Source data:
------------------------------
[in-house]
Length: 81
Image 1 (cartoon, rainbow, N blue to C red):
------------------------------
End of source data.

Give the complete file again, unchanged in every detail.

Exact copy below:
[in-house]
Length: 81
Image 1 (cartoon, rainbow, N blue to C red):